Bird of the Month Chiffchaff(‘s). As a young birder in the NW of England, there was the Chiffchaff, a summer visitor that really only needed sorting out from the closely related willow warbler and of course if they sang it was easy.
Whilst there were darker races of this species to the north and east, it wasn’t something that really excited us budding birders.
The Chiffchaff is a very common species with up to 500,000,000 pairs (Birdlife International) being present throughout its range in Eurasia and north Africa.
It is found in various habitats including wetlands, forest, scrub, open savannah and of course suburban gardens and these can be from sea level to over 3000m.
In spring these habitats come alive with its onomatopoeic song and indeed it was one of the anthems of that season.
With the continuing advances in the field of ornithology, both observational and genetic studies, we now know a lot more about this species, indeed it is no longer one species but four (possibly five depending on your point of view regarding Siberian Chiffchaff) and several races.
The nominate is Phylloscopus collybita collybita, familiar to most of us. The races of this include the above mentioned Siberian Chiffchaff ssp tristis and the Scandinavian Chiffchaff ssp abietinus.
The three full species include the Canary Islands Chiffchaff (P canariensis), Caucasian Mountain Chiffchaff (P lorenzii) and the Iberian Chiffchaff (P ibericus). It is really only the latter of these three species that is relevant to us here in Iberia.
Collybita and ibericus are migratory species and those in the north of Europe make their way down to winter in a belt from the extreme south of England, through France and into southern Europe, many will also continue south to overwinter in north and sub-Saharan Africa.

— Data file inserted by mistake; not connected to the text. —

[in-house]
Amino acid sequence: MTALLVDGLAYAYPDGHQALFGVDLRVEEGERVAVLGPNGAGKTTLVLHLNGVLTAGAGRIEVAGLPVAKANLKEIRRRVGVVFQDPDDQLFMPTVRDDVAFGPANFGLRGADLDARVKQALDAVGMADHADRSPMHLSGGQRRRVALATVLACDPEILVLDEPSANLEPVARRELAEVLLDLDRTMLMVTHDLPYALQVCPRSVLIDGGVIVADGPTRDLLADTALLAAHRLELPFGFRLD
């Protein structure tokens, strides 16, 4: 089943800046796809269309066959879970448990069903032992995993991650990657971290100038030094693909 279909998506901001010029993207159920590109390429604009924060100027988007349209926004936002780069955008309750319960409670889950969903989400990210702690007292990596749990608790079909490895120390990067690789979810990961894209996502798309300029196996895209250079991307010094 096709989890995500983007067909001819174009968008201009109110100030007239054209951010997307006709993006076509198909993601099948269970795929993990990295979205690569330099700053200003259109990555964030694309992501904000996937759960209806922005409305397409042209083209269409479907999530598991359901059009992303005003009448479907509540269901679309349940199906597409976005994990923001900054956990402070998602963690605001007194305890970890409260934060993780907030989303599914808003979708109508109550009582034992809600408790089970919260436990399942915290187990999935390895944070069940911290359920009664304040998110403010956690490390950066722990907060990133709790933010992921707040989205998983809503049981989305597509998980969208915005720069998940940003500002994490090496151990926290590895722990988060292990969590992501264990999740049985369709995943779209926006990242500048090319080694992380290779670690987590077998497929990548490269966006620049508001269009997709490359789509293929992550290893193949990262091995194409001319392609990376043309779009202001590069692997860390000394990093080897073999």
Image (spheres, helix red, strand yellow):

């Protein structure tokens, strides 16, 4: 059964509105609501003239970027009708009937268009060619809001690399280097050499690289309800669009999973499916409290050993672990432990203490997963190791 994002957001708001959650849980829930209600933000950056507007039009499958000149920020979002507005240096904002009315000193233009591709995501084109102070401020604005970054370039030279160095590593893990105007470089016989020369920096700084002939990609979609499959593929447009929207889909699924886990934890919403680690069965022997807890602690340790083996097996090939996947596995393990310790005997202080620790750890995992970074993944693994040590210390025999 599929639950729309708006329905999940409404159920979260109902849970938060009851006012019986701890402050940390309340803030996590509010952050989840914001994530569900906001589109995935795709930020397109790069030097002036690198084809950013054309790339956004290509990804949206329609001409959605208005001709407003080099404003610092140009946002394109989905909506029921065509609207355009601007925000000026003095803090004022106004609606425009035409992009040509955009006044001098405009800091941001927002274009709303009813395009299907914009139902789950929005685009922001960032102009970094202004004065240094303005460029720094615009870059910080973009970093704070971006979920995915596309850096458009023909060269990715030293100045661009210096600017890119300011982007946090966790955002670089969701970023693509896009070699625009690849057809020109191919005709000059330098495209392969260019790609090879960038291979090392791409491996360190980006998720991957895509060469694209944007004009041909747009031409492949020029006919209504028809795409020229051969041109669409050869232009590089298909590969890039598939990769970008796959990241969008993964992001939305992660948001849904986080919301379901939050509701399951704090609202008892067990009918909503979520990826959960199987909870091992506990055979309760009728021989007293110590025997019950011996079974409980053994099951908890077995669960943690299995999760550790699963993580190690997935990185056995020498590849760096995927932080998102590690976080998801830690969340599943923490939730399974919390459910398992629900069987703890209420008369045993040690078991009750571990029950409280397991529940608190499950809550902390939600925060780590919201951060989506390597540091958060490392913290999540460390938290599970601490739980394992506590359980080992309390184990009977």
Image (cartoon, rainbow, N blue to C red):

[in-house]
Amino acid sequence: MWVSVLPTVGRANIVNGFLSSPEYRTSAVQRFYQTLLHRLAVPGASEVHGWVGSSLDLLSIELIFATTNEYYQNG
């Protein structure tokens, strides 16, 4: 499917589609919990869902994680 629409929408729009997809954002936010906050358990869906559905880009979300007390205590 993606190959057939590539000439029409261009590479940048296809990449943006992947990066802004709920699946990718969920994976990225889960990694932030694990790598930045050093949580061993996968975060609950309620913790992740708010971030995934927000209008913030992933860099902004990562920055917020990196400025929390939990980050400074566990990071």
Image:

Here in Spain the Chiffchaff breeds in the Pyrenees and can also be found in parts of Catalonia, Castilla y Leon and Valencia, with outposts elsewhere, including down with us in Andalucía in the high Sierra Nevada.
However, it is in winter that the main interest/challenges occur, with all three races being present to a greater or lesser extent.
Now in the middle of winter the nominate race can be found in every suitable habitat here in Andalucía, they are active in trees and bushes, moving over branch and through the canopy, constantly active, searching for food.
Whilst the total of overwintering chiffchaffs here in Spain is unknown, they certainly number in the millions of individuals.
Mixed in with all these Common Chiffchaffs are the ssp tristis and abietinus (very rare). Pale grey, thick necked individuals with a buffish supercilium may well be examples of the Siberian Chiffchaff.
As for the Iberian Chiffchaff, well that is likely to be a longer distant migrant wintering in sub-Saharan Africa, but with phylogenic climate changes to bird distribution, the Chiffchaff ‘problem’ in Iberia may become even more complicated in the future, should they choose to stay in winter.
Article: Neil A Hill
Photos: Peter Jones
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